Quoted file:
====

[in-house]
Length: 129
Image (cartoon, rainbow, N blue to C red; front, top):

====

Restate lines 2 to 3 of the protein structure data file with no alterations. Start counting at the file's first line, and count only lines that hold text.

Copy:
Length: 129
Image (cartoon, rainbow, N blue to C red; front, top):